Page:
Strategies to recognize your potential and dominate your passions
Have you ever wondered whatever happened to all the people that you went to high school or college with? I don’t mean close friends, I just mean folks in general that are not your friends on social media.
School was great for me because it was a time of big dreams. It was a protected environment, I could sit and journal what I wanted to do in the future.
I took an assessment of where former schoolmates were 10 years later and of course, there were those that just took off, they seemed to have everything together. They were not necessarily wealthy, but they were really on the road to success and it showed. Then, there was the other group, they hadn't quite figured out what they wanted quite yet.
So what made the first group more successful than the 2nd? Well, it turns out there some basic universal truths and principles that, if employed, would allow most folks to reach their full economic potential no matter what profession or business they choose.
Principle of hard work
My mother said this to me over and over until she was blue in the face, “You have to work hard G (my middle name), in this life, if you want anything, you have to work for it”. The older I get, the truer this principle becomes.
It’s usually not talent or education that makes you successful, its hard work. Hard work is more than showing up to work and working harder or longer than anyone else, it’s about the quality of work as well.
Quality hard work requires more from you. It requires bettering yourself, thinking about your company or department and thinking of ways to increase production or save the company money.
Quality hard work requires not just showing up physically, but being fully engaged. Those employees are quality employees and are deeply valued by the companies they work for. They are also rare, so it doesn't take long to be noticed and promoted which leads to more money.
Being able to maneuver in a social setting is important because people want to be around people they like. Being personable makes you memorable, in a good way. I used to have a real problem with this principle because I thought people I worked with, who socialized with their managers were really fake and were basically kissing up to get ahead.
As time has progressed, I have started to think differently about what it means to be sociable, even at work. Good social skills open doors for you. Building social bonds by being positive and pleasant becomes valuable when you have to ask for a raise or want to pitch a new Idea to clients or managers.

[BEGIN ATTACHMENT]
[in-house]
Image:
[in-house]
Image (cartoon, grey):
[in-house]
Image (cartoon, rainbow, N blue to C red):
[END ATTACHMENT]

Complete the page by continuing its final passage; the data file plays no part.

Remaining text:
Discipline and self-control
Every one of us has to work even though we don’t feel like it, sometimes. We have to get to work on time and successfully execute a set of tasks. Work is not always exciting or sexy; it can be monotonous and mundane.
There is a really dangerous message out on the blogs, TV, and magazines telling people to “live your dream/passion” and “work does not feel like work if it’s your passion”. The problem I have with this “live your passion” movement is, that it is very emotional, and emotions are temporary.
What happens when this passionate job becomes like all jobs, repetitive and sometimes stressful? Does that mean you are doing the wrong thing? Should you move on to your next passion? Unfortunately, most people just move on to the next thing that interests them. This jumping around from career to career means, you never really get good at one thing, and therefore never maximize your earnings in any one career.
It also means, you are always starting over and everyone knows, you make the least money when you are new to a career or starting a new business. It helps to see any venture or job as a long journey that will, inevitably, have days that just suck. But that's just part of the process.
Partnerships and Alliances
This is a top often avoided because it involves making difficult choices. A struggle between pragmatism and idealism. What am I talking about? Personal relationships, spouses and significant others, who do you surround yourself with?
In an Ideal world, you want a spouse or significant other who shares the same values, and belief system around money and hard work. In simpler terms, a saver should hook up with a saver and a spender should hook up with a spender. Likewise, a hardworking person should hook up with another workhorse.
When you work hard, keep opening doors for yourself using those great social skills and communication skills and maintain discipline and self-control, you will make money. You will maximize your earnings, but it is pointless to make the money if you cannot retain any of it.
Having a partner who does not share your goals or is not supportive can erode all your hard work and all your great potential. I have come to realize again, over time, that actions speak much louder than words and talk is dirt cheap.
Look at a person’s habits before making any long-term commitments. A lazy person will never tell you they are lazy, but you can tell from their actions.
A spender’s actions will reveal who they are, without them ever speaking a word. So align yourself with those people whose habits will allow you to be your most successful version of yourself.